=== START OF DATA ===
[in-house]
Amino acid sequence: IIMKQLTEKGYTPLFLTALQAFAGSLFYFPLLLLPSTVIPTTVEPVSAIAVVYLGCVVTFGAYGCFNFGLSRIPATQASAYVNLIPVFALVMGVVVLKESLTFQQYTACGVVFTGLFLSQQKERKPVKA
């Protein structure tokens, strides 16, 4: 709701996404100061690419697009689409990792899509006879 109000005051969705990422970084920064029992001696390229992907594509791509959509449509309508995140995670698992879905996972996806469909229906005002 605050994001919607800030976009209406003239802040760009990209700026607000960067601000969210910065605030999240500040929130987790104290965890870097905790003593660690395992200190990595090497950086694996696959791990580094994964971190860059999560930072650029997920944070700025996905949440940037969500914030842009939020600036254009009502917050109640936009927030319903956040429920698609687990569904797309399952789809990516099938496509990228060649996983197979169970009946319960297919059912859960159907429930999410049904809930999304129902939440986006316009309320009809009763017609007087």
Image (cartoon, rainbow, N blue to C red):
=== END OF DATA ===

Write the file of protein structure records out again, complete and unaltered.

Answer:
[in-house]
Amino acid sequence: IIMKQLTEKGYTPLFLTALQAFAGSLFYFPLLLLPSTVIPTTVEPVSAIAVVYLGCVVTFGAYGCFNFGLSRIPATQASAYVNLIPVFALVMGVVVLKESLTFQQYTACGVVFTGLFLSQQKERKPVKA
């Protein structure tokens, strides 16, 4: 709701996404100061690419697009689409990792899509006879 109000005051969705990422970084920064029992001696390229992907594509791509959509449509309508995140995670698992879905996972996806469909229906005002 605050994001919607800030976009209406003239802040760009990209700026607000960067601000969210910065605030999240500040929130987790104290965890870097905790003593660690395992200190990595090497950086694996696959791990580094994964971190860059999560930072650029997920944070700025996905949440940037969500914030842009939020600036254009009502917050109640936009927030319903956040429920698609687990569904797309399952789809990516099938496509990228060649996983197979169970009946319960297919059912859960159907429930999410049904809930999304129902939440986006316009309320009809009763017609007087």
Image (cartoon, rainbow, N blue to C red):